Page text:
Liz Borst concluded her field work on the scrub-jays in the Demography Tract at Archbold, completing her thesis, and received her MS degree from Villanova University under the direction of long-term Bird Lab research collaborator Bob Curry. The thesis title is "Effects of breeder age, breeder experience, and pair-bond duration on clutch initiation date and clutch size in Florida scrub-jays.
     Peter Midford (Ph.D. candidate at Univ. Wisconsin) is close to completing his dissertation on social learning in FSJs. Douglas Kramer (M.A. candidate at Univ. Wisconsin) is writing his thesis on caching behavior in FSJs. Both are students of Jack Hailman, Research Affiliate, who has just been appointed a Research Associate at Archbold.
     Brad Stith (Ph.D. candidate at Univ. Florida) continues to work on his dissertation on metapopulation modeling. His findings will have a profound effect on FSJ conservation practices in the near future.

Applied Avian Ecology Lab: Lab Director, Reed Bowman  top
     Student research in the Applied Avian Ecology Lab has focused on understanding the processes that shape demographic differences between Florida scrub-jay populations in the suburbs and in pristine habitat at Archbold Biological Station. Artie Fleischer (M.S. candidate at Univ. South Florida (USF)) is examining the behavior of breeding females to determine why scrub-jays in the suburban habitat consistently breed earlier than scrub-jays at Archbold. Artie has shown that birds with access to supplemental food conserve energy by reducing foraging time and improving their foraging efficiency, while consuming a similar amount of energy as birds without access to supplemental food. Matt Schawkey (M.S. student at USF) is attempting to explain high rates of brood reduction by scrub-jays in the suburbs. Matt is investigating two alternative hypotheses to explain this pattern. Disturbance during incubation may lead to greater hatching spreads and thereby greater size asymmetries among siblings in the suburbs or arthropod abundance may be lower, decreasing the ability of parents to rear large broods. Michelle Dent (M.S. candidate at Antioch New England Graduate School) is examining patterns of post-fledgling survival and habitat use in scrub-jays between the suburbs and at Archbold. Survival curves differ significantly, but most of those differences accrue during the first 2 weeks after fledging. Fledglings do not travel as far from the nest site in the suburbs as do fledglings at Archbold. Their movements may be restricted by the many open gaps that occur in the highly disturbed habitats in the suburbs and this may make them more vulnerable to predation.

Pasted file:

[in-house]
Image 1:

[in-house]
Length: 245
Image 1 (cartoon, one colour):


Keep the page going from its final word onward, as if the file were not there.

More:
Entomology Lab: Lab Director, Mark Deyrup   top
     While Kim Keyser was catching insects on palmetto flowers (see Entomological Research), Johanna Kraus (now a recent graduate of Brown Univ.; see photo, this page) worked on the associates of the social spider Anelosimus studiosus, whose social behavior was first described at the Station many years ago by Vincent Brach (then an Archbold Post-Doctoral Associate). Johanna studied these spiders on the west side of Lake Annie, where breezes from the east send swarms of midges into a fringe of oaks, creating the finest spider real estate on the Station. The little social spiders thrive in this place, and Johanna surveyed the arthropods occupying their webs. There are spider-eating, pirate spiders, and small spiders of the genus Argyrodes that may be either predators or scavengers. There are bright red plant bugs of the genus Ranzovius (probably scavengers), and mites, springtails, and bark lice. One of the most interesting guests is the caterpillar of the pyralid moth Tallula. These larvae appear to occur only in spider webs, where they feed on whatever foliage the web encloses. This may be live or dead leaves, on plants as diverse as oak, fetterbush and scrub rosemary. The caterpillars resemble small brown sticks caught in the web.
     Joshua Ladau (now a graduate student at Cornell Univ.) began a project on the behavior of the newly-described (Deyrup and Eisner 1996), sand pygmy mole cricket, Neotridactylus archboldi. He was able to get the male mole crickets to sing in little burrows in plastic soda straws filled with sand, picking up the substrate-borne vibrations through the needle of an old phonograph. He thus became the first person to hear the faint stridulations of pygmy mole crickets. More recently, he used more elaborate equipment at Cornell to study the songs of crickets mailed up from the Station.

MacArthur Agro-ecology Research Center   top
     Two long-term research programs, initiated by graduate students, are developing at the Center. In 1997, Joan Morrison (Univ. Florida) completed her Ph.D. dissertation (see Appendix B) on the reproductive ecology and habitat association of the crested caracara, a distinctive raptor of central Florida’s prairies and ranchlands. Although Joan is now studying another species of caracara in Chile, in 1998 she completed her fifth year of research on Florida’s caracaras, now from her base at Colorado State University. In 1998, Matt Baber (Florida International Univ.; see photo, MAERC article) began his dissertation research on the dynamics of tadpole communities in isolated wetlands. He is investigating the effects of habitat and landscape characteristics in both native prairies and modified agricultural systems. This work builds on previous amphibian studies at the Center by another University of Florida graduate student Kim Babbit (now on the faculty at Univ. New Hampshire) (see Appendix B).
[See also Contributions from MAERC.]

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Archbold Biological Station, 12 April 2000